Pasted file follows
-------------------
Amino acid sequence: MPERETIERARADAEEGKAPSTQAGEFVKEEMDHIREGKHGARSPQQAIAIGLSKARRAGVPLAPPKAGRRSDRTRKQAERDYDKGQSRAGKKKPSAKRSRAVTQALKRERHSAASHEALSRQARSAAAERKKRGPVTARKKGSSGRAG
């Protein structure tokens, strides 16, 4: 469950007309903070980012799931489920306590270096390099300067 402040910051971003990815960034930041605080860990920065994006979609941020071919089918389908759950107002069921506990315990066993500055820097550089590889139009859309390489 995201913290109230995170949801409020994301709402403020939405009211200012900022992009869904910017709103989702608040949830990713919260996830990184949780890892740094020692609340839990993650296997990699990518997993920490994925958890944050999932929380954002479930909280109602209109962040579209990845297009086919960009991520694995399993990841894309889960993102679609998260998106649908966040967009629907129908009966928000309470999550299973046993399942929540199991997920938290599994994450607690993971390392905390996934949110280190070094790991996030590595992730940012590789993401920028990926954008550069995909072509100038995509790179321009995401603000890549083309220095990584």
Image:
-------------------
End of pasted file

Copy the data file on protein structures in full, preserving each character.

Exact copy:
Amino acid sequence: MPERETIERARADAEEGKAPSTQAGEFVKEEMDHIREGKHGARSPQQAIAIGLSKARRAGVPLAPPKAGRRSDRTRKQAERDYDKGQSRAGKKKPSAKRSRAVTQALKRERHSAASHEALSRQARSAAAERKKRGPVTARKKGSSGRAG
């Protein structure tokens, strides 16, 4: 469950007309903070980012799931489920306590270096390099300067 402040910051971003990815960034930041605080860990920065994006979609941020071919089918389908759950107002069921506990315990066993500055820097550089590889139009859309390489 995201913290109230995170949801409020994301709402403020939405009211200012900022992009869904910017709103989702608040949830990713919260996830990184949780890892740094020692609340839990993650296997990699990518997993920490994925958890944050999932929380954002479930909280109602209109962040579209990845297009086919960009991520694995399993990841894309889960993102679609998260998106649908966040967009629907129908009966928000309470999550299973046993399942929540199991997920938290599994994450607690993971390392905390996934949110280190070094790991996030590595992730940012590789993401920028990926954008550069995909072509100038995509790179321009995401603000890549083309220095990584």
Image: